I am a media effects scholar. My research focuses on the effects of using multiple media simultaneously (multiscreening and synced advertising) on information processing and message effectiveness. A bibliometric study published in 2021 identified me as the no. 1 contributing author to the media multitasking literature. In 2020, I was granted the Mary Alice Shaver Promising Professor award of the American Academy of Advertising.
I am an Assistant Professor of Advertising at the Hubbard School of Journalism and Mass Communication, University of Minnesota – Twin Cities. My work has appeared in Journal of Advertising, International Journal of Advertising, Communication Methods & Measures, Human Communication Research, Internet Research, Journal of Broadcasting & Electronic Media, Cyberpsychology, Behavior, & Social Networking, Journalism & Mass Communication Quarterly, and Journal of Marketing Communications among others. I make use of different methods (e.g., experiments, surveys, media diaries, content analyses, meta-analyses, eye-tracking). I have experience with both the fixed eye-tracker and the mobile eye-tracker (glasses).
My work has been honored with numerous awards and grants of the American Academy of Advertising (AAA), the Association for Education in Journalism and Mass Communication (AEJMC), the European Advertising Academy (EAA), and the International Communication Association (ICA). In 2017 and 2018, I received the Baschwitz article of the year award for young researchers for the best article published by a young scholar in the preceding year.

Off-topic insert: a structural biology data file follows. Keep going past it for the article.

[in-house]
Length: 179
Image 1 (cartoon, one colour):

In June 2017, I received my Ph.D. at the University of Amsterdam, Amsterdam School of Communication Research and successfully defended my doctoral dissertation on ‘Everyday Multiscreening’, which was awarded with the Annie Lang Dissertation Award of the information systems division of the International Communication Association in May 2018 and the Biennial Best Dissertation Award for the Mobile Communication Interest Group in May 2019.